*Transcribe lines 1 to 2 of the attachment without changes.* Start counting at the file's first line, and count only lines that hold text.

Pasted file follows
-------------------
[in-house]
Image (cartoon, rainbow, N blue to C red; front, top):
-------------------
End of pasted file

[in-house]
Image (cartoon, rainbow, N blue to C red; front, top):